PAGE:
|In front of the traditional site of Jesus' tomb|
at Church of the Holy Sepulchre in Jerusalem
with the Bible open to Mark's resurrection account.
This week in my Gospel and Global Media Cultures seminary course, I've been challenged to publicly answer the question, "what is 'gospel?'"
In about 500 words.
Okay, here goes. Game on.
What is gospel? Gospel is the Word from God that gives life. Through no doing of our own, through no merit of our own, but simply out of sheer grace, God came to us took on flesh in Jesus. The One who was present at the creation of the universe, the Word who spoke all into being with a word, the One in whom we live and move and have our being, lived and moved and dwelt among us. In his life he brought new life, he brought healing, he took the outcast and the sinners and the oppressed and downtrodden and brought them in, erasing the human made lines and walls that had served to exclude them. He proclaimed these things as a sign of the inbreaking reign of God. But we wouldn't have any of that, and killed him for it. When our structures of power and authority are threatened, we respond with violence. The cross was our ultimate no to the ultimate yes of Jesus, but through Jesus' resurrection it became God's ultimate yes to humankind. God decided that violence would not have the final say. God decided that death would not have the last word. God was so relentlessly insistent on being who he is for us--a God of boundless grace and infinite love, that he defeated what we thought was our ultimate power--the power of death. God raised Jesus from the dead, and now Jesus lives, and that was a gift for all of humankind, because through that gift of new life we too are promised new life. Abundant life now, and eternal life even after death. Not as the solution to any sort of divine equation, not as the balancing of some sort of scales of justice, not as the appeasement of anger, but as a loving gift to you. For you. With absolutely nothing on your part to do to earn it or deserve it.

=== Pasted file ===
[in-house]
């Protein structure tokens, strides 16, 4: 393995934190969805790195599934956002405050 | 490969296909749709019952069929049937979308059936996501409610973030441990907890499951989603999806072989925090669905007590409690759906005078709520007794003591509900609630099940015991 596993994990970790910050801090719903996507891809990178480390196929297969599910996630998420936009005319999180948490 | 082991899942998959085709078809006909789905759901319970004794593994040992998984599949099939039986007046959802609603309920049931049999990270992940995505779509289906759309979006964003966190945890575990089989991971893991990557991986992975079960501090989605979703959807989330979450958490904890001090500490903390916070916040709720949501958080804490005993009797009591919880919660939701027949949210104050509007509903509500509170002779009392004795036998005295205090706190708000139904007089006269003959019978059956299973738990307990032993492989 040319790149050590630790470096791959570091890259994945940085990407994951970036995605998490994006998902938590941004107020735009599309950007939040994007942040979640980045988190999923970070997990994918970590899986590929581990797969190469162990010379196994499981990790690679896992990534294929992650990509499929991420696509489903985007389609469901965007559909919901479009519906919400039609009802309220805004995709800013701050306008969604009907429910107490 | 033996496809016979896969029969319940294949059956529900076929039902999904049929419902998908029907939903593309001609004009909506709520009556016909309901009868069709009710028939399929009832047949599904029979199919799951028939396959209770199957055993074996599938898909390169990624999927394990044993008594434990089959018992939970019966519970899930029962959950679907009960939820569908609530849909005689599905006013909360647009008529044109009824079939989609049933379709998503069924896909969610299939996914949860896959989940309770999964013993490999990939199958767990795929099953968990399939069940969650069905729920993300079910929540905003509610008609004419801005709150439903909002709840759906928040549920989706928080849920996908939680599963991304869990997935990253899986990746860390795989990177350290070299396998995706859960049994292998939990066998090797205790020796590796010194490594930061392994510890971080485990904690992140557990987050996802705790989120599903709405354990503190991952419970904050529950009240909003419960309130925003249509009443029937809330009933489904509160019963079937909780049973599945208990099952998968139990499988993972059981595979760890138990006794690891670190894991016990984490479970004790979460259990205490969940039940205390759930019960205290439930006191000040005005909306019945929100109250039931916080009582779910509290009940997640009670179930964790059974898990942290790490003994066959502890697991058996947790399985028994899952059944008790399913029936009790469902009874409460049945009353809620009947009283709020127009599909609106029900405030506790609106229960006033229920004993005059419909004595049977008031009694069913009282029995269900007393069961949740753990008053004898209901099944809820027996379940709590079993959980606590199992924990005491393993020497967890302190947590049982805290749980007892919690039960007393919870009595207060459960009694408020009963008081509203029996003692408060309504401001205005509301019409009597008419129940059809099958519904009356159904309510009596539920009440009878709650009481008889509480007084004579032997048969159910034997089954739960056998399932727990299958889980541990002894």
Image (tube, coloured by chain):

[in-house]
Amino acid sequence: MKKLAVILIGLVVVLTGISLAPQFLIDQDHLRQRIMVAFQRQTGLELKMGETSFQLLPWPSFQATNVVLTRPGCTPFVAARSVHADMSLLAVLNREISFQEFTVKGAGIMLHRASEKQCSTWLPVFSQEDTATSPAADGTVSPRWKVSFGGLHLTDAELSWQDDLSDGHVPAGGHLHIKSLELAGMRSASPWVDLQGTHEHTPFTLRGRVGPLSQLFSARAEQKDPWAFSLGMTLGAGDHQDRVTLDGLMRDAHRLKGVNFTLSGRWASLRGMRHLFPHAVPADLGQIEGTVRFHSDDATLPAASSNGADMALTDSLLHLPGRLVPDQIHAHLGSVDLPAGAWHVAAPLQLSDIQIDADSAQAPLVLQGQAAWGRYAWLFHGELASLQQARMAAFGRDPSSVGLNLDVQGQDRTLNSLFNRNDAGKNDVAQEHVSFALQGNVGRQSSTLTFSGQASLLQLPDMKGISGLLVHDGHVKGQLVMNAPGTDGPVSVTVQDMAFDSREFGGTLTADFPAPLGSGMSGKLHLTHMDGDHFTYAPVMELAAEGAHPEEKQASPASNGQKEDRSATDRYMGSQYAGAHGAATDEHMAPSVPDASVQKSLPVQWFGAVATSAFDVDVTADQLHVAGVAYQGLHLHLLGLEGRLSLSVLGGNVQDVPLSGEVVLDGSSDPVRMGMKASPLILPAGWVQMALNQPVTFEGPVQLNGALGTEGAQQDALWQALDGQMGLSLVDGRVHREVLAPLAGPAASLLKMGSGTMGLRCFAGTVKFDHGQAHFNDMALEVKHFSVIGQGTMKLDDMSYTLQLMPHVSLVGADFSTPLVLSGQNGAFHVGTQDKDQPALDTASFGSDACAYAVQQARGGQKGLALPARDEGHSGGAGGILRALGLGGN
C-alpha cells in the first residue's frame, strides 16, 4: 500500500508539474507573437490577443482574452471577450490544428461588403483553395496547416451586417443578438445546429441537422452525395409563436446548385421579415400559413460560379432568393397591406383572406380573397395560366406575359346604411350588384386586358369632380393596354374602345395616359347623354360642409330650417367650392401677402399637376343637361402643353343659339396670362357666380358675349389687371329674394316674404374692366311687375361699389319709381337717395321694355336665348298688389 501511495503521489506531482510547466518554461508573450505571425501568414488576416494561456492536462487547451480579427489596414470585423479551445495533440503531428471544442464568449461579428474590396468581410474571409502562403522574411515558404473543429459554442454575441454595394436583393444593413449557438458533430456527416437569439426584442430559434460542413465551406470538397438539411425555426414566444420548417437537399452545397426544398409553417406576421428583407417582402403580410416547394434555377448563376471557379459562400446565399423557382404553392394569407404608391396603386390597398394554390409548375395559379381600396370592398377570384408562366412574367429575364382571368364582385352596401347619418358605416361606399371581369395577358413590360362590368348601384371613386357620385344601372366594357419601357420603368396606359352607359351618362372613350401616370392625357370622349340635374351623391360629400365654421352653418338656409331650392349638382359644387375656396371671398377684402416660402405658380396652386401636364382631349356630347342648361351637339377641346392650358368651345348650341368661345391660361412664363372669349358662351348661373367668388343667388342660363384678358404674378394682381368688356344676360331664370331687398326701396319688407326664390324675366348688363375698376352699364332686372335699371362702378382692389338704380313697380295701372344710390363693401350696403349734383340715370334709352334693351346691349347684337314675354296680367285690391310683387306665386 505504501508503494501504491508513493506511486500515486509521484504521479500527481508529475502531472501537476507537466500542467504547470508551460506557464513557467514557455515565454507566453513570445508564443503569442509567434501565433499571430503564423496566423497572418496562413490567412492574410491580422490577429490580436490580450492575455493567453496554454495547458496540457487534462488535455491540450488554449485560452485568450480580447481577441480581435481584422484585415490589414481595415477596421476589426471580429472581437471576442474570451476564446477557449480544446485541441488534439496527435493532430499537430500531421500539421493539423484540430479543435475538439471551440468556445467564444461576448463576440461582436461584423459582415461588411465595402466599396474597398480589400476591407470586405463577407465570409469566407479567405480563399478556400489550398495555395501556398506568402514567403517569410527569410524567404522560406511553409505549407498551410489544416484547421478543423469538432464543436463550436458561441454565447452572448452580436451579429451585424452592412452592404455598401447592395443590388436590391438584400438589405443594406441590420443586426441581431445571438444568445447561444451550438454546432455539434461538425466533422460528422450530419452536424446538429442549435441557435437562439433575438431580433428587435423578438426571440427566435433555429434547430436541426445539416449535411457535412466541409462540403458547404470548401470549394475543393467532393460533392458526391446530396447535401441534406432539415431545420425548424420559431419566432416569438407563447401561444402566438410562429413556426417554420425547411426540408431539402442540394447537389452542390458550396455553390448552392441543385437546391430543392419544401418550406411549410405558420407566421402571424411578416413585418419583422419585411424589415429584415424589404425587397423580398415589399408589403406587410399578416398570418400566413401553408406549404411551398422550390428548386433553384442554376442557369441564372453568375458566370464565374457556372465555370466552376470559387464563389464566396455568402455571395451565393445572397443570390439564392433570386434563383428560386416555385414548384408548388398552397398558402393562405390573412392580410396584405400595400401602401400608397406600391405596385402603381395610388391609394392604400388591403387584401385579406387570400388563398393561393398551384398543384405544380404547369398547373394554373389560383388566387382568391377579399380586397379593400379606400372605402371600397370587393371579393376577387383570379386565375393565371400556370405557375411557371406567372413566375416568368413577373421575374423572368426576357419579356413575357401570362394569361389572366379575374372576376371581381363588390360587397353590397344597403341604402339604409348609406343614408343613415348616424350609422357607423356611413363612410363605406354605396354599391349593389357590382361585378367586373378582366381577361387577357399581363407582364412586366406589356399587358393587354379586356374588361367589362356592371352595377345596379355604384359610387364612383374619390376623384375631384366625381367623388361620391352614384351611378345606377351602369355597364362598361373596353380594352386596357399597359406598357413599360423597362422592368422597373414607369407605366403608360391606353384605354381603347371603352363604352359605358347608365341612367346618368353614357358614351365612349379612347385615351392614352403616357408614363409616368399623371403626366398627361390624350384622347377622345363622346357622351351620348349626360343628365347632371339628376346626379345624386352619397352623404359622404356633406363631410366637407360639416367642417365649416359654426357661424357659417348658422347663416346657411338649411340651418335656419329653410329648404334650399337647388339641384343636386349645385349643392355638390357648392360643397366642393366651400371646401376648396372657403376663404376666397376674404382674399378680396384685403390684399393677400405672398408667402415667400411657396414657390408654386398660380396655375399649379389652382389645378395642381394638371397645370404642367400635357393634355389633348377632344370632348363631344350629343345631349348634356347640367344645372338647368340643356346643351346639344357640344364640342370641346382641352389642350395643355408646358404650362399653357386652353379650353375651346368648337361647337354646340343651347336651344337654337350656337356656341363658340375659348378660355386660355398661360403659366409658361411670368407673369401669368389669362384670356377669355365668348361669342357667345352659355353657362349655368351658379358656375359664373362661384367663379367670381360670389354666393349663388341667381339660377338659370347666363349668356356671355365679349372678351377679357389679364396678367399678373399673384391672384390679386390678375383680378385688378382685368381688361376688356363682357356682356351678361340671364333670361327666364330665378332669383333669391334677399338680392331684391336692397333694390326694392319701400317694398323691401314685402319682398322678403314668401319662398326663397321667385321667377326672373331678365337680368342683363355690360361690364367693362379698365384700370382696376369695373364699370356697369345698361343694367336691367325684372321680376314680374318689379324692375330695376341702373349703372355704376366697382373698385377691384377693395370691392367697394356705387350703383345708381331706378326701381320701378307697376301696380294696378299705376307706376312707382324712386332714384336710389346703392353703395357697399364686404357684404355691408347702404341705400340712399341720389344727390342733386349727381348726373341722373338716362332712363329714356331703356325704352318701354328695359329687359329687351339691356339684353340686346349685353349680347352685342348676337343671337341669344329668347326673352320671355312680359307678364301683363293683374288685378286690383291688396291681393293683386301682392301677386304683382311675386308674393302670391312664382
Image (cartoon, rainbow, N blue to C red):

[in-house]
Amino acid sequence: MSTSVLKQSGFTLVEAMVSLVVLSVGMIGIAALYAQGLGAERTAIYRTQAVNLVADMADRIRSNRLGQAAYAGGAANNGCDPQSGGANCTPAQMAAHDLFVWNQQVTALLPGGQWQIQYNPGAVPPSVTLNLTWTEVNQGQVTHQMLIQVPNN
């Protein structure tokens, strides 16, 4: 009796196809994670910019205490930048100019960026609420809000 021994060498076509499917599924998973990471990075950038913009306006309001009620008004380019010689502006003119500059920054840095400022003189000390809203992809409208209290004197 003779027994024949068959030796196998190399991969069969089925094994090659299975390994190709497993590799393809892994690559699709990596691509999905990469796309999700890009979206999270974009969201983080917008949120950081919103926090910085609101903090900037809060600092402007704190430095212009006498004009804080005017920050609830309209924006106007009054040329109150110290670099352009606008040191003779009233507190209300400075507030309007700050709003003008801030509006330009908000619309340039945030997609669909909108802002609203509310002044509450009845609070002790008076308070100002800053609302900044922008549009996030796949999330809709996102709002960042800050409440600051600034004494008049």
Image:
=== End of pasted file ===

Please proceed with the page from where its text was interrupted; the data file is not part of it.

Gospel is therefore both now and not yet. It is now in the promise of baptism, it is now in the body and blood, the bread and wine broken and poured for you in Holy Communion. It is now when we love God and love our neighbor, when the hungry are fed and the sick are healed and the lowly brought high and the outcast brought in and the community we were created to be a part of with each other renewed and restored. That is where we find Jesus--in the broken things. That is where we see Jesus' face--in the faces of the lowly, in the faces of the sinner. That is where we experience Jesus at work--on the margins, on the other side of the walls we have built, on the other side of the lines we have drawn. We experience all of these things as a foretaste of the feast to come, as a glimpse of God’s final reign in the New Jerusalem at the end of time, and so Gospel is also not yet. It is not fully consummated. At the very heart of Gospel, then, is hope. Not wishing, not wondering, but the hope that is born from trust in God’s promises.
And that's my first shot at a definition of Gospel, Charlie Brown. What do you think? What did I write that you would affirm, what would you challenge, what would you add or leave out?